|By Kelly_Johnson (Kelly_Johnson) on Sunday, May 11, 2003 - 06:07 pm: Edit|
I have taken private music lessons since kindergarten. Should I put this at all on my application? I would only put 9th - 12th, if that at all. Also, under hours per week, should I put how long the actual lessons are, or should I add the time I had to prepare for it? The lessons were 1-2 hours, but I practice 2 hours each day (Which my teacher requires in order for me to continue taking lessons from him). One more thing: If I went to university music camps, should I put that on my applications also?
|By Lethalfang (Lethalfang) on Sunday, May 11, 2003 - 07:48 pm: Edit|
Don't stress how much lessons you took, instead stress on how much you have actually learned and accomplished.
|By Kelly_Johnson (Kelly_Johnson) on Sunday, May 11, 2003 - 07:50 pm: Edit|
I know that, but on applications it asks you to list your activities and how many hours each one took per week and how many weeks per year. It is not like I was going to put that in an essay.
|By Nymom (Nymom) on Sunday, May 11, 2003 - 08:58 pm: Edit|
Of course put all the time you spend on your music! (You could put something like "Piano, 20 hours per week, study & rehearsal.") And definitely mention the summer program! It sounds like music is a very important part of your life; why wouldn't you write about it in an essay?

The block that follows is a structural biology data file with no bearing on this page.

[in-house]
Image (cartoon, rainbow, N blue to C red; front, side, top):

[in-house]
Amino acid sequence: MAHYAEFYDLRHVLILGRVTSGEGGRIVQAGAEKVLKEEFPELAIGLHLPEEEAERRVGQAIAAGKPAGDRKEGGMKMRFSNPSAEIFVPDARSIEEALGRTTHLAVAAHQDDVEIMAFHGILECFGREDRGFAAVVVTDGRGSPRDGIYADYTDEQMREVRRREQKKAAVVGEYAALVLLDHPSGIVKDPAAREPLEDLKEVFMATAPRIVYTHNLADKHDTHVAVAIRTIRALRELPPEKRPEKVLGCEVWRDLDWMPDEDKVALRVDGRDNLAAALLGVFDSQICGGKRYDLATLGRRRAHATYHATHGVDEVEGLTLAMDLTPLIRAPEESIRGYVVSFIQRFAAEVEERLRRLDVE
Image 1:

|By Kelly_Johnson (Kelly_Johnson) on Sunday, May 11, 2003 - 10:15 pm: Edit|
Oh, I meant that I will not be putting how much time I put into music in an essay. I do not know what the essay topics are, I might talk about music in my life if it seems logical. I am not going to major in music, just be in orchestra and pep band. Thanks for answering! :-)
|By Nymom (Nymom) on Monday, May 12, 2003 - 07:27 am: Edit|
I see, maybe you don't want to recite numbers in your essay, but make sure you convey your level of commitment.
|By Shennie (Shennie) on Monday, May 12, 2003 - 11:09 am: Edit|
I would definitely add up all the hours you commit to your instrument and put them down on the application. Instrumental music is a big time commitment and colleges like to see commitment to your activities. It can also help to explain why you don't have 20 other activities listed. And definitely put down your summer music camps. Again, this shows depth of interest and commitment to something that is very important to you.
|By Texas137 (Texas137) on Monday, May 12, 2003 - 11:56 am: Edit|
I think you should include that you did music seriously K-12, not just 9-12. Colleges don't want to hear details about awards and coursework prior to high school, but I think that if you started an activity as a young child and continued through high school that's worth telling them. It's definitely more impressive than if you just started it as a 9th grader.
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